The jokes in The Other Two are the sort of hyper-pop-culture-literate material that recalls 30 Rock with a distinctly queer bent. References range from Andy Cohen's Bravoverse, to the Broadway musical Fun Home, to Call Me By Your Name. Schneider and Kelly find an inherent ridiculousness in the kind of adolescent stardom Chase is enduring, but never make fun of Chase himself. Similarly, Pat is daffy and ambitious, but not some evil caricature of a stage mom. In fact, there's an undercurrent of sadness that courses through every episode, a feeling that crystalizes in the aforementioned scene from "Chase Drops His First Album," the debut season's ninth episode.
The entire Dubek family boards a plane to celebrate the release of Chase's first album (three songs, nine remixes) with an entourage of his screaming fans. The whole event will be live-streamed; Streeter has brought along a comfort pig. One missing piece that's been threaded throughout the entire season is Cary, Brooke, and Pat's father. He's dead, that's for sure, and it's not from cancer, even though that's what Chase has been told. With the festivities fully underway and the plane 30,000 feet in the air, Chase reveals that he's donating proceeds from his album and tour to the American Cancer Society in honor of his dad. The Dubeks start to panic, getting sweatier and sweatier -- quite literally, given that the air conditioning isn't working. Streeter suspects they all have diarrhea. Finally, the sunny, everything's-OK facade Pat has been maintaining breaks.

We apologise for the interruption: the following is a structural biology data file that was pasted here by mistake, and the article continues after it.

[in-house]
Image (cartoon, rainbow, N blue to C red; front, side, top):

She unleashes a manic, cathartic tirade that's heartbreaking even as it's grimly hilarious: Her husband didn't die of cancer. He was an alcoholic who froze to death on top of their house because she wouldn't let him drink in front of Chase, and when he died, his dick froze to the roof because he had peed himself. Yes, it's outlandish, but the deft writing manages to find it both laughable and utterly brutal, while Shannon's performance is brilliantly full of pathos.